(There’s no need to start with dear
When Mami is the same thing to me.)
I read a poem in Literature one day
That made me tense, a deer ready to run
Because it cut me
Right down to my soul
Peeled back layers of me
To leave a gaping chasm that dribbled
Stardust and the blackened pulpy remains
of bitter leaves, the kind you boil for medicine.
All of it spilling through my fingers
As I tried to seal myself up.
The poem was “Those Winter Sundays”
By Robert Hayden, about son and father,
(oh. I thought. Mami, you of all people
know how it is with father.)
A house of chronic angers,
Sacrifice ignored, and a void
(no, not the angry throbbing darkness
of hatred that swallows all)
(merely a creeping chill- the absence of love)
I was to write that poem a twin.
That night, you asked what I was working on
My hands darted out to shield those piercing words
Made from that dark essence, scattered with light,
That I’d tried to keep within me, not so long ago.
I ignored your protests, heart firmly hidden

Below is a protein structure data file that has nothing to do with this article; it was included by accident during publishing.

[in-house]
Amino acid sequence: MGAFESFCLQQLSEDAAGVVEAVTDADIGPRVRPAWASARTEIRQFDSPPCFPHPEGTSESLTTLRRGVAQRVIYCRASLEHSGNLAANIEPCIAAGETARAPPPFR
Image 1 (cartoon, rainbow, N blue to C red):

Until you went away, once more
On your own celestial course
With my truths unseen.
I know you, and how you think.
It’s about our family, you thought.
No, Mami, I didn’t write about a silly broken trifle
Held together by Scotch tape,
Or a cracked phone screen, a T.V punched to pieces,
Nothing about our own house of chronic angers.
I wrote about you.
Of the evenings after working two jobs
Where you shake grogginess
Off your limbs and make blue fire blaze
To drive the hunger out of our stomachs.
I wrote of warmth, the golden light of our kitchen,
Of quiet love.
“How could you know, how could you know?”
I ask the reader
For these things are all ours alone.
Maybe someday you’ll read it.
If you do, I wouldn’t ask that
Because, Mami, all this,
You already know of.